Dietary soy and increased risk of bladder cancer: a prospective cohort study of men in Shanghai, China

Int J Cancer. 2004 Nov 1;112(2):319-23. doi: 10.1002/ijc.20384.


To verify our previous finding of a positive association between dietary soy and bladder cancer risk, we examined the association in a second, geographically distinct prospective cohort of Chinese subjects, the Shanghai Cohort Study. Briefly, 18,244 men aged 45-64 years were recruited between January 1986 and September 1989. As of December 31, 2002, 61 incident bladder cancer cases were identified. Information on soy consumption was obtained through in-person interviews at baseline using a food frequency questionnaire. Cox proportional hazard regression methods were used to estimate relative risks (RR) and their corresponding 95% confidence intervals (CI), with adjustment for age (years) at baseline interview, level of education and other potential confounders. Compared to men consuming soy less than once a week, the RR (95% CI) for those who consumed soy 1-<3 times per week, 3-<7 times a week and daily were 2.05 (0.80-5.29), 2.45 (0.89-6.76) and 4.61 (1.57-13.51), respectively (p for trend = 0.004), after adjustment for age, cigarette smoking and level of education. The soy-bladder cancer risk associations in smokers and non-smokers were comparable. The soy-bladder cancer relationship became stronger when the analysis was restricted to subjects with 2 or more years of follow-up.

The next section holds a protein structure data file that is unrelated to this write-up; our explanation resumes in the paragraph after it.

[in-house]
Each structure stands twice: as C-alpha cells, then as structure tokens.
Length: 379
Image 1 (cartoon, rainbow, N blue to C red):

Publication types

  • Research Support, U.S. Gov't, P.H.S.

MeSH terms

  • China / epidemiology
  • Diet*
  • Humans
  • Incidence
  • Male
  • Middle Aged
  • Prospective Studies
  • Risk Factors
  • Sex Factors
  • Soy Foods*
  • Urinary Bladder Neoplasms / epidemiology
  • Urinary Bladder Neoplasms / etiology*